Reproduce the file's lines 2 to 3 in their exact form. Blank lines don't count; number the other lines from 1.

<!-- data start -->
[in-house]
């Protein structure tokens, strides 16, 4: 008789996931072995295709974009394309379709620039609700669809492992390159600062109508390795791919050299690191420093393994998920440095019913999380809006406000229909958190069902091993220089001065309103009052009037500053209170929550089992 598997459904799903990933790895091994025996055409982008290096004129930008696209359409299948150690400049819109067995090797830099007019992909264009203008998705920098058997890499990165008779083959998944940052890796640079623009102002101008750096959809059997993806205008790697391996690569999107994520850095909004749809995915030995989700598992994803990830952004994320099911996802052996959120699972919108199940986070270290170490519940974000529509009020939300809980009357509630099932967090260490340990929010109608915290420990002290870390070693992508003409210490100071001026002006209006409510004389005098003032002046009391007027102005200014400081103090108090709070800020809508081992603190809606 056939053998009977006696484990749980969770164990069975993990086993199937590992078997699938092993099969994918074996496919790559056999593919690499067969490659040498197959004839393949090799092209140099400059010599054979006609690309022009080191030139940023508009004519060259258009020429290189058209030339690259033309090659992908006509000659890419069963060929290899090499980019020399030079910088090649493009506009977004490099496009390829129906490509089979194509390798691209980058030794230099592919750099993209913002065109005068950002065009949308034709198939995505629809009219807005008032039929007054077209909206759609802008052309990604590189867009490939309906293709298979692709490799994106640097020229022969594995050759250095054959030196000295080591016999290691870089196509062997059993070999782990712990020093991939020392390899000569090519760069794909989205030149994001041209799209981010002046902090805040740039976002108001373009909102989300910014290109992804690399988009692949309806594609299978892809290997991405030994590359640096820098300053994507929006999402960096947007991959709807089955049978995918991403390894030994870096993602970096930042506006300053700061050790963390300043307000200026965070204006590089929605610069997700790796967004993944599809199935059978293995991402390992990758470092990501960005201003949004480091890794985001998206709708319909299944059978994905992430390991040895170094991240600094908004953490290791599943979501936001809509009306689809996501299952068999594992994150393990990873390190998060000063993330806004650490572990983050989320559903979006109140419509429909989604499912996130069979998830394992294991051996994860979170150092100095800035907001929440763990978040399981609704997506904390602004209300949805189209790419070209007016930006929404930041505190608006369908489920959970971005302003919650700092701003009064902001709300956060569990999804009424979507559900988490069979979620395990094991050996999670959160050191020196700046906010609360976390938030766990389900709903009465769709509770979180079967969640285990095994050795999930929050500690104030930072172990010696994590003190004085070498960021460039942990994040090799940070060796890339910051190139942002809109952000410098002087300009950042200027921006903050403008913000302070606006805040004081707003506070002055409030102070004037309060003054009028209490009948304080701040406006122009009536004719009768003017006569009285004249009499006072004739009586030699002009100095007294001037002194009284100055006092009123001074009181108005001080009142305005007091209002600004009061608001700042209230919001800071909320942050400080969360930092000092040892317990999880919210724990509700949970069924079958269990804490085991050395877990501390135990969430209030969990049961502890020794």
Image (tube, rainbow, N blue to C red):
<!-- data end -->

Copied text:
């Protein structure tokens, strides 16, 4: 008789996931072995295709974009394309379709620039609700669809492992390159600062109508390795791919050299690191420093393994998920440095019913999380809006406000229909958190069902091993220089001065309103009052009037500053209170929550089992 598997459904799903990933790895091994025996055409982008290096004129930008696209359409299948150690400049819109067995090797830099007019992909264009203008998705920098058997890499990165008779083959998944940052890796640079623009102002101008750096959809059997993806205008790697391996690569999107994520850095909004749809995915030995989700598992994803990830952004994320099911996802052996959120699972919108199940986070270290170490519940974000529509009020939300809980009357509630099932967090260490340990929010109608915290420990002290870390070693992508003409210490100071001026002006209006409510004389005098003032002046009391007027102005200014400081103090108090709070800020809508081992603190809606 056939053998009977006696484990749980969770164990069975993990086993199937590992078997699938092993099969994918074996496919790559056999593919690499067969490659040498197959004839393949090799092209140099400059010599054979006609690309022009080191030139940023508009004519060259258009020429290189058209030339690259033309090659992908006509000659890419069963060929290899090499980019020399030079910088090649493009506009977004490099496009390829129906490509089979194509390798691209980058030794230099592919750099993209913002065109005068950002065009949308034709198939995505629809009219807005008032039929007054077209909206759609802008052309990604590189867009490939309906293709298979692709490799994106640097020229022969594995050759250095054959030196000295080591016999290691870089196509062997059993070999782990712990020093991939020392390899000569090519760069794909989205030149994001041209799209981010002046902090805040740039976002108001373009909102989300910014290109992804690399988009692949309806594609299978892809290997991405030994590359640096820098300053994507929006999402960096947007991959709807089955049978995918991403390894030994870096993602970096930042506006300053700061050790963390300043307000200026965070204006590089929605610069997700790796967004993944599809199935059978293995991402390992990758470092990501960005201003949004480091890794985001998206709708319909299944059978994905992430390991040895170094991240600094908004953490290791599943979501936001809509009306689809996501299952068999594992994150393990990873390190998060000063993330806004650490572990983050989320559903979006109140419509429909989604499912996130069979998830394992294991051996994860979170150092100095800035907001929440763990978040399981609704997506904390602004209300949805189209790419070209007016930006929404930041505190608006369908489920959970971005302003919650700092701003009064902001709300956060569990999804009424979507559900988490069979979620395990094991050996999670959160050191020196700046906010609360976390938030766990389900709903009465769709509770979180079967969640285990095994050795999930929050500690104030930072172990010696994590003190004085070498960021460039942990994040090799940070060796890339910051190139942002809109952000410098002087300009950042200027921006903050403008913000302070606006805040004081707003506070002055409030102070004037309060003054009028209490009948304080701040406006122009009536004719009768003017006569009285004249009499006072004739009586030699002009100095007294001037002194009284100055006092009123001074009181108005001080009142305005007091209002600004009061608001700042209230919001800071909320942050400080969360930092000092040892317990999880919210724990509700949970069924079958269990804490085991050395877990501390135990969430209030969990049961502890020794």
Image (tube, rainbow, N blue to C red):